In the U.S alone, the audience streamed almost 170 billion minutes of content each week. It can be hard to grasp just how many minutes we spend on streaming platforms, but to make it a bit more comprehensible, 170 billion minutes translates to well over 350.000 years of continuous watching. Each week. That is a lot. 

*Scrolling* Maybe this one? No…*scrolling*

Let’s put that into perspective. The human species evolved “only” 315.000 years ago. If we were able to travel back in time and hand over a TV with Netflix on it to the first humans, and made them put down their spears and bows, gave them a few buckets of popcorn and they started watching that very second - they would still be sitting in front of that TV today, and still have a few thousand years left before they spent as much time streaming as the American audience did in one week. If that doesn’t tickle your brain, for the whole of 2021 Americans streamed almost 15 million years worth of content. And it keeps growing. 

A totally real conversation held 315.000 years ago. Amazing. 

Reports suggest that the streaming industry will be worth over $300 billion come 2030. The industry grows approximately 21% each year. These predictions can be tied with the fact that 93% of Americans reportedly wanted to increase their streaming options or make a change to their existing streaming plan. Somehow, what we have isn’t enough. We want more. And these numbers only cover the American side of the industry - Europe, Asia, Africa, Australia and South America contribute to even more years of scrolling and watching. 

The Platform Puzzle 

There are an incredible amount of streaming platforms out there. Some say more than 200, others say 150. Truth be told, we might not know for sure. It feels like there is a new streaming service popping up every other day. Mapping all the different pieces, remembering which platforms have what, and eventually choosing something to watch is like laying a puzzle. Only this puzzle is almost impossible to finish. New content each week, updated libraries, new streaming services and an endless amount of movies and TV shows forces us to start over from the beginning everytime we try and lay down a piece. The platform puzzle never looks the same as when we left it.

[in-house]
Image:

In a survey by Verizon Media and Publicis Media, 67% of people said it's difficult to decide what to watch as a result of the vast amount of content. The dilemma becomes apparent. We want to subscribe to as many platforms as we can, to not miss out on anything, but in that we expose ourselves to the core of the problem: too much content to choose from.   

Subscribing to multiple platforms creates another problem. The cost. Streaming has become an expensive affair if you don’t want to miss out on content. Platforms charge between $5.99-14.99 per month. 1 in 4 spend more than $75 per month on streaming subscriptions, while 1 in 10 have no idea how much they spend. 

And that’s how they get us. We subscribe to Disney+ to watch Star Wars, HBO Max to keep up with House Of The Dragon, and Netflix because everybody has Netflix. Exclusive content on each platform makes us naive with our spending - we want it all. 

The sport of Platform Puzzle is a thing nowadays. 

Streaming becomes a burden when you don’t know what to watch. The task of finding something takes too long and goes against what we are promised - watch whatever you want, whenever you want. What should I watch then? To save time, we fall back on trustworthy content we have already seen. After all, our time is precious when we don’t feel like scrolling through thousands and thousands of movies and TV shows. 

So what’s the solution? The easiest way to cut some time from scrolling is to prioritize which streaming platforms you want to use. Limiting yourself and your options won’t hurt your ability to watch “whatever you want, whenever you want” but save you the pain of eating a cold dinner. Or fighting with your partner. If you are seriously bored of scrolling, sign up to become a beta tester of our upcoming app and we will do it for you. Click here to sign up!